Mere Christianity by C.S. Lewis is widely considered one of the greatest Christian books of the twentieth century. What most people don't realize is that it was first created as a series of radio broadcasts that came about due to the conflict and adversity faced by Britain during the World War II.
C.S. Lewis at War is a powerful and entertaining radio theatre style audio drama on CD that brings to life this amazing period in Lewis's life. It provides a rare insight into Lewis's friends, life, and family, illuminating a time of personal difficulty that also brought forth some of his most influential works: The Screwtape Letters, The Problem of Pain, and Mere Christianity. Recorded in London and written by Paul McCusker, the script comes alive.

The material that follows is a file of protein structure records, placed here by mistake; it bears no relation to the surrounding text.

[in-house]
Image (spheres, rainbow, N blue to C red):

The story begins when England was at war with Germany. Injury and death impacted everyone. Day-to-day living was immensely difficult. Children were evacuated from London and sent to other parts of the country (Lewis himself took in a few). It was a hard time of strain, heartbreak, and weariness. A visionary in the BBC's religious department–James Welch–passionately believed Christianity should be meaningful and relevant to the British people in this hour of need. Looking for new and diverse ways to present programs that explored Christian ideas, he contacted Oxford tutor, lecturer, and writer C.S. Lewis. Reluctant at first, Lewis finally agreed to make a case for a "moral law," drawn from common human experience that he believed was essential as a foundation for faith in Christ. He presented his thoughts in a series of Broadcast Talks that were later gathered together and published as Mere Christianity.